The Writer’s Guide to Everyday Life in the Middle Ages, The British Isles from 500 to 1500, by Sherrilyn Kenyon, 232 pages. This book is just one in the series, The Writer’s Guide to….Lenora Good recommended that I read this book, or one like it, as a way to improve my Princess and the Blacksmith’s Son story by improving the day-to-day details with respect to the period. Some of my assumptions, filling in for knowledge, were wrong. I think it was Mark Twain who said, “Most folks aren’t ignorant because they don’t know stuff. They’re ignorant because they know stuff that ain’t so.” Here are a few examples of information that surprised me. Clothing worn by both peasants and nobility was very similar, not because of “noble” or democratic intentions, but because there were few choices. Roads were poor and travel was dangerous, so there was very little trade. The primary way for the nobles to dress up was to wear jewelry. Another interesting fact: only the title of King and associated land were automatically inherited. Although the king frequently granted the title and land of lesser nobles to the oldest son upon the nobleman's passing, he might choose to keep the land or grant it and the title to someone else.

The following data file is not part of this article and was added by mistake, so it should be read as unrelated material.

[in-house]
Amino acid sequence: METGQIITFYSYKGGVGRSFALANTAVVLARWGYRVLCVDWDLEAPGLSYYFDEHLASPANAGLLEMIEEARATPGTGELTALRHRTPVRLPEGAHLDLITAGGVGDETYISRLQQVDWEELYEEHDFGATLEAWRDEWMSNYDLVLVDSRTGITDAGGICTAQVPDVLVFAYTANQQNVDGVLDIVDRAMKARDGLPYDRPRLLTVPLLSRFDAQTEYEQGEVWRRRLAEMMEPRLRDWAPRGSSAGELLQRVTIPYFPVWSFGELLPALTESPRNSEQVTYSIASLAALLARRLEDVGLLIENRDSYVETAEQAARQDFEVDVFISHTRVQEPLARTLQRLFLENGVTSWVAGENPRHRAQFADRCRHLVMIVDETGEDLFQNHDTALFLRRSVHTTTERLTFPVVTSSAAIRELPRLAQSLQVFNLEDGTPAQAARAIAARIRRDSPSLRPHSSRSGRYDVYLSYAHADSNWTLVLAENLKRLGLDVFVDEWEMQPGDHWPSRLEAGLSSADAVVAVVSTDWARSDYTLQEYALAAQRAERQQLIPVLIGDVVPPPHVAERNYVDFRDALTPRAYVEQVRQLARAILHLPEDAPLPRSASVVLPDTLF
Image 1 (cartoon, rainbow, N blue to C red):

The book is divided into four sections:
· Everyday life
· Rank & Privilege
· God & War
· People and Places
Each section includes several chapters so the reader can go directly to the desired information. For example People & Places includes: Saxons, Vikings, France, Normandy, Scotland, Wales, and Ireland. Also the vocabulary for the section or chapter is arranged alphabetically.
If you are writing a period piece, books like this will save you much effort and time researching the details. And to paraphrase from Apollo 13, “Getting it wrong is not an option.” Too many people potentially involved with your book, especially readers, do know the details.